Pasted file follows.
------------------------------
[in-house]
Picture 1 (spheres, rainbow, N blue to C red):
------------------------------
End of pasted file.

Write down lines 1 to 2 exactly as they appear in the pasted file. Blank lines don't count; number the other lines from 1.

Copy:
[in-house]
Picture 1 (spheres, rainbow, N blue to C red):